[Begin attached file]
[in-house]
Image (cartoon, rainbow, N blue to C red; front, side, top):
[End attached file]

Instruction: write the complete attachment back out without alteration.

[in-house]
Image (cartoon, rainbow, N blue to C red; front, side, top):